When the researchers split open the guts of eight previously preserved, fully grown Ozaena beetles, they found them sloshing with the bodily juices of carpenter ants—the same ones that had reinvigorated Moore’s lethargic mother-to-be. This in combination with the oddball larval physique, Moore explains, pointed not to the varied diet of a burrow trapper, but that of a highly specialized parasite that subsisted exclusively on ants throughout its lifetime.
Ozaena are by no means the first beetles to take advantage of ants. A distantly-related group—Paussus beetles—have actually achieved a small degree of infamy for this behavior. Paussus beetles are the Trojan horses of the insect world: After conning their way into ant nests, female Paussus will lay eggs that hatch into sweet-smelling larvae, thought to exude an irresistible bouquet of ant attractants. Lured in by the scent, ants approach—only to be punctured and sucked dry by the ravenous, vampiric larvae. Paussus adolescents thus spend their early days gorging on an essentially unlimited, self-sustaining supply of protein-rich food.
When beetles invade ant nests, they initiate “an exploitative relationship,” says Brittany Owens, an entomologist at the Louisiana State University Agricultural Center who was not involved in the study. “The ants really get a bum deal.”
And from the beetle’s perspective, it’s a pretty cushy lifestyle compared to, say, the toils of burrow trapping. “If you are able to socially integrate inside ant colonies and gain acceptance inside nests, you have no predators,” says Joseph Parker, an entomologist who studies beetle-ant relationships at the California Institute of Technology who was not involved in the study. “There are infinite resources for you to feed on. You’re in a really safe, stable environment. The payoff is really big.”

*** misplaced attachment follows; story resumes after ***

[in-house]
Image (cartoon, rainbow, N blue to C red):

So there’s a big motivation to make the switch from burrow to nest. But beetles can’t just integrate into ant society willy-nilly. The change requires some substantial evolutionary rejiggering: Ozaena’s ancestors, which gave rise to burrow trappers, likely split off from the Paussus line at least 100 million years ago. This means Ozaena had to find its own way ant-ward—a feat that required these beetles to shed millions of years of adaptations that had tailored their relatives to burrows, and instead take on traits that would allow them to raid unfamiliar nests, lay their eggs in the presence of strangers, and meet their nutritional needs with only one source of food.
The shift is so difficult and so extreme that it’s only happened a few times in beetles, Moore says. And if Ozaena beetles have indeed traded their lineage’s long history of burrow trapping for a life of juice-guzzling luxury, they would be the only members of their subfamily that parasitizes ants in the United States—making them the ant-munching black sheep of the family.
“I’m always amazed by the adaptations that these insects show,” Parker says. “Your jaw hitting the floor is the standard response.”
Despite their similarities, though, Ozaena isn’t simply a Paussus copycat—and in their time apart, Ozaena has come up with its own strategies to make the most out of nests. For instance, while Paussus larvae are pretty much immobile blobs that must wait for their meals to come waddling by, the Ozaena specimen boasted unusually long legs that might have helped it scurry around the nest to actively hunt its prey.
“When we think about beetles, we only think about adults,” Moore says. “But larvae aren’t just big bags of goo. They represent this entire hidden world.”
Besides, “it’s the most vulnerable stage,” Moore says of the larvae. “If they don’t make it, the species doesn’t make it.”